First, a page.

News

Senate committee cites breach in transfer of public transport regulation from OUR

BY BALFORD HENRY Senior Staff reporter balfordh@jamaicaobserver.com

Wednesday, August 06, 2014    

Print this page Email A Friend!


THE regulations committee of the Senate has cited a breach in the way Government handled the transfer of regulation of public transportation from the Office of Utilities Regulation (OUR) to the Transport Authority (TA).

The committee said that

the lack of consultation constituted "an unusual or unexpected use of the powers conferred by the (Office of Utilities Regulation) under which it was made".

The committee has, therefore, recommended that the regulation -- which was based on an order issued by Prime Minister Portia Simpson Miller in June -- should be brought to the "special attention" of the Senate pursuant to the Standing Orders for its consideration.

The committee said that it was concerned about the report that the OUR was not included in the consultations leading up to the decision, and made it clear that "even though there was no evidence that there were any legislative breaches the entity, as the economic regulator, should have been consulted".

Opposition senators who thoroughly opposed the Government's decision to transfer regulatory authority from the beginning also issued a minority report, which agreed with the conclusion, but accused the Government's majority of failing to expose all the excesses in the committee's hearings.

The House of Representatives has already approved the order, which was gazetted in June, transferring regulation of the public transportation sector from the jurisdiction of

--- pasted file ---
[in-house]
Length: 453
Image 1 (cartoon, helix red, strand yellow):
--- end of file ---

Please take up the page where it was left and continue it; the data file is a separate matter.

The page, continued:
the OUR.

Public transport operators, who are battling the Government in court over the right of its Transport Authority to regulate the sector while it was still under the authority of the OUR, denounced the move.

The criticisms were reinforced by a declaration at the meeting of the House of Representatives regulations committee in July to discuss the matter, when legal counsel for the OUR, Cheryll Lewis, reported that the first time the regulatory body became aware of this move, was in an article carried by the Jamaica Observer.

She pointed out that the OUR had extensive discussions over the years with the Transport Authority and the Ministry of Transport and other stakeholders and settled on a position that the OUR would be the economic regulator to fix fares for the transport sector.

ADVERTISEMENT

POST A COMMENT

HOUSE RULES

 

1. We welcome reader comments on the top stories of the day. Some comments may be republished on the website or in the newspaper – email addresses will not be published.

2. Please understand that comments are moderated and it is not always possible to publish all that have been submitted. We will, however, try to publish comments that are representative of all received.

3. We ask that comments are civil and free of libellous or hateful material. Also please stick to the topic under discussion.

4. Please do not write in block capitals since this makes your comment hard to read.

5. Please don't use the comments to advertise. However, our advertising department can be more than accommodating if emailed: advertising@jamaicaobserver.com.

6. If readers wish to report offensive comments, suggest a correction or share a story then please email: community@jamaicaobserver.com.

7. Lastly, read our Terms and Conditions and Privacy Policy



comments powered by Disqus
ADVERTISEMENT
ADVERTISEMENT

Poll

Will the new Police Commissioner make a difference in reducing Jamaica's high crime rate?
Yes
No


View Results »


ADVERTISEMENT

Today's Cartoon

Click image to view full size editorial cartoon
ADVERTISEMENT